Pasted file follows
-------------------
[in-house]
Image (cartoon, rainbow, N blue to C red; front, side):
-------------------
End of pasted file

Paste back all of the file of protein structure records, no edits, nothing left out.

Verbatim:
[in-house]
Image (cartoon, rainbow, N blue to C red; front, side):